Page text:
ABSTRACT: The earthworm, Eudrilus eugeniae, has a prodigious ability to regenerate lost segments. The skin of the worm has an outermost epidermal layer followed by a thick circular muscle layer and an innermost thin longitudinal cell layer. During the process of regeneration, the circular muscle layer decreased in thickness, and longitudinal cell layer increased. The histological analysis of the regenerated worm shows that the longitudinal cell layer forms the regeneration blastema. BrdU-labeling retention assay confirmed that the circular muscle and longitudinal cell layers have BrdU-positive cells, which migrate from the adjacent segments to the regeneration blastema. In addition, it was noted that the cells of the earthworm, E. eugeniae, have the property of autofluorescence. Autofluorescence was found in the cytoplasm, but not in the nucleus. It has been also found that the major source for autofluorescence is riboflavin. Further, it was also demonstrated that supplementation with riboflavin increases the rate of regeneration, while regeneration was hampered by reduced levels of riboflavin. The importance of riboflavin in regeneration was also confirmed by rescue assay. In addition, it was also identified that BrdU-positive cells are highly fluorescent compared to the surrounding cells.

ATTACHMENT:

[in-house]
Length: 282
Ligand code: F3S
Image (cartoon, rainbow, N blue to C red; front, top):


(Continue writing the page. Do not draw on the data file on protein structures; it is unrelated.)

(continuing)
Stem cells and development 12/2011; 21(11):2071-83. · 4.15 Impact Factor